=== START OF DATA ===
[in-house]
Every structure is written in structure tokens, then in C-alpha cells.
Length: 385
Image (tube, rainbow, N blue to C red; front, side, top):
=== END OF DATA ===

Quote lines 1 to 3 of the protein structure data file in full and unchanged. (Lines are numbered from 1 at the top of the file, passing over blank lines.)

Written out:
[in-house]
Every structure is written in structure tokens, then in C-alpha cells.
Length: 385